‘The way you close the digital divide is you build fiber to every single rural home,’ Jonathan Chambers said.

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Photo of Jonathan Chambers, partner at Conexon

WASHINGTON, October 17, 2022 – Millions of dollars from the American Rescue Plan Act, which are currently being deployed by states to extend broadband networks, is helping ensure that new broadband money allocated from the Infrastructure, Investment and Jobs Act will be sufficient to extend fiber to all homes in America, said a telecom executive on a Fiber Broadband Association web event Wednesday.

Since many states are using ARPA funding to deploy new networks, fewer than ten million locations will “be left for BEAD after ARPA,” said Jonathan Chambers, partner at rural internet service provider co-op Conexon, referring to the $42.5 billion Broadband Equity, Access, and Deployment program of the National Telecommunications and Information Administration.

Since the American Rescue Plan became law in March 2021, federal programs – including the Capital Projects Fund and the Emergency Connectivity Program – and state governments have put tens of billions of ARPA-appropriated dollars towards broadband various projects.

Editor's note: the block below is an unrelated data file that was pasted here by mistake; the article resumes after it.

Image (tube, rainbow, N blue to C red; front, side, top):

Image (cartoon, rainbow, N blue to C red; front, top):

Chambers, whose company builds fiber networks and works primarily with rural electric cooperatives, said he wants to refute the arguments of fiber skeptics by going “to the hardest-to-serve, poorest places in the country and demonstrate you can build fiber there,” saying the company is working to build a fiber network to every home and business in East Carrol Parish, Louisiana.

An argument against fiber builds in rural areas has been the expense required to do so.

The BEAD program will dispense block grants to the states based on relative need. States will issue subgrants for broadband infrastructure and other projects. Pro-fiber advocates like Chambers and FBA President Gary Bolton support using these funds primarily for fiber deployments.

“The way you close the digital divide is you build fiber to every single rural home,” Chambers said.